Day in the life of
Healthcare Musician – Constanza Roeder
When I arrive on the unit, I sanitize my electric piano and check in with the charge nurse. The charge nurse gives me a list of patients to visit that day. Then I go room to room and offer to sing and play music for patients and caregivers. At the end of the day, I debrief with the charge nurse and refer any patients showing signs of emotional distress to the psychosocial support team.
Pros and Cons
This is the best and the hardest job I’ve ever had. I feel honored to accompany people during the hardest times of their lives and offer them a moment of joy, beauty, and peace. Patients often cry with relief and gratitude as my music caresses their weary souls. It’s also the hardest job because I tend to work with high acuity patients on oncology and bone marrow transplant units. The mortality rate is high and avoiding caregiver fatigue is an ever-present challenge. I’m grateful to have the flexibility to take a day off when I experience the loss of a beloved patient. Even so, I couldn’t be more thankful to do this meaningful work. I get a front-row seat to see the power of music and the arts to help humans transcend their circumstances.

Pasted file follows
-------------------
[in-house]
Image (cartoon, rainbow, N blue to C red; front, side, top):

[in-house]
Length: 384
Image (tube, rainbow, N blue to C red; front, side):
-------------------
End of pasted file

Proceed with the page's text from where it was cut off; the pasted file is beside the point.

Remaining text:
play one or more musical instruments in recital, in accompaniment, or as members of an orchestra, band, or other musical group.